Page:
Though relatively unknown outside their fan group, the Greater Swiss Mountain Dog temperament is unmistakable and unmatched.
Switzerland’s oldest dog breed, the Greater Swiss Mountain Dog was bred to pull carts, herd cattle, and act as protector of the house.
Rounding out at over 100 pounds, the Swissies – as devotees call them – size coupled with their intimidating bark make them excellent initial watchdogs. But their sweet nature prevents them from actually following through.
The Greater Swiss Mountain Dog Temperament and Personality
Although the Greater Swiss Mountain Dog’s size is quite large, they are often referred to as a gentle giant.
They are both alert and fun-loving. Swissies aren’t, however, pushovers – they are confident and can sometimes be stubborn.
Always on the lookout, this breed is very observant and will instantly notice when something isn’t right.
Their alertness coupled with their loud bark will scare both friends and foes, but they are typically not aggressive towards strangers.
Greater Swiss Mountain Dogs have incredible endurance and strength.
They tend to have a long puppyhood – often reaching maturity around four or five years old.
Swiss puppies are mouthy, active, and rambunctious, so they aren’t ideal for families with small children.
Thanks to their herding instincts, they may not do well around smaller animals or cats but are generally friendly towards other dogs.
However, with a proper introduction, this breed should be able to live harmoniously with small animals or cats.
In fact, this breed takes their friendliness to the next level and does exceptionally well as a therapy dog.
Training the Greater Swiss Mountain Dog
Since this breed was bred to be a pack leader, early training can make all the difference.
Patience is key when it comes to training a Greater Swiss Mountain Dog.
If you begin to teach your Greater Swiss Mountain puppy as soon as you bring them home, you have a greater chance of a manageable adolescent – and adult!
Swissies respond best to positive reinforcement training – think a lot of treats, praise, and rewards.
Be sure to keep training sessions fun and interesting to avoid boredom and burnout on both ends.
Finding the Perfect Greater Swiss Mountain Dog Puppy
Do you think you’re ready to add a Greater Swiss Mountain Dog to the family?
First, figure out how you are going to add one to your family. Purchasing a puppy from a breeder is one option. Or, you can adopt your Greater Swiss Mountain Dog from a breed-specific rescue or even your local animal shelter!
Greater Swiss Mountain Dog Rescues and Adoption
If you are thinking about adopting a Greater Swiss Mountain Dog, you can either go through a breed-specific rescue that only has Swissies, or you can search non-breed-specific rescues or shelters for Greater Swiss Mountain Dogs.
A dedicated rescue group is the GSMDRF or Greater Swiss Mountain Dog Rescue Foundation.
Make sure to contact your local rescue to ask if they have any Swissies or Greater Swiss Mountain Dog mixes.
Greater Swiss Mountain Dog Breeders & Puppies for Sale
If you are not interested in rescuing one of these pups, you can find Greater Swiss Mountain Dog puppies for sale through a qualified breeder.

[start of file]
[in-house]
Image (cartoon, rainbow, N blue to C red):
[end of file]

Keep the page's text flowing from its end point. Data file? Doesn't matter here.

Check out the AKC Marketplace to find registered Greater Swiss Mountain Dog breeders.
And, be sure to do your homework when it comes to choosing a breeder.
Ask questions about their living conditions, how often puppies are handled, if you can meet the parents, and a copy of health records.
When it comes to price, Swissies can cost between $1,500 to $2,300 depending on the location, breeder, and availability.
Caring for a Swiss Mountain Dog
Grooming a Greater Swiss Mountain Dog
This distinctly tri-colored breed – black, tan, and white – is as striking as they are relatively easy to groom.
Swissies have a dense outer coat with a thick undercoat.
The Greater Swiss Mountain Dog sheds minimally with the exception of their twice-yearly “blow outs”, meaning they shed their undercoats.
Thanks to their short coat, this breed only requires weekly brushing and baths as needed.
Regular nail trims, teeth brushing, and ear cleaning will keep your Swissy in tip-top shape.
Health and Exercise
The Greater Swiss Mountain Dog lifespan is between 7-9 years.
Due to their large size, they are prone to
- Hip Dysplasia, and Elbow Dysplasia,
- Patellar Luxation (also known as slipped stifles),
- Gastric Torsion (Bloat),
- And OCD, or Osteochondrosis Disscans.
Swissies are also prone to eye issues such as cataracts, entropion, and distichiasis.
Keep in mind that not ever Swissy will have or develop these conditions. If you are purchasing from a breeder, make sure you receive all their necessary information prior to bringing your puppy home.
As long as they have room to run around and roam – such as a large, secure backyard – they will be good to go.
Taking your Greater Swiss Mountain Dog on your weekly hikes will not only fulfill their exercise needs but help with bonding, too.
They thrive in colder climates thanks to their heritage. If in warmer climates, take proper precautions to ensure they do not overheat as they are prone to heatstroke.
A Final Word About the Greater Swiss Mountain Dog
I think you will agree that it is hard not to fall in love with the Greater Swiss Mountain Dog Temperament traits.
This sweet-natured, fun-loving dog is loyal to their family and an all-around sociable breed.
Despite their large size and loud bark, they are gentle giants that may seem like good watchdogs – but are often too friendly to do anything about it!
Start training early and you’ll share your home with a well-behaved, calm companion.
Due to their striking tri-color coat and unique features, be prepared to answer, “What kind of dog is that?” from fellow dog lovers because walks with a Swissy are bound to turn heads.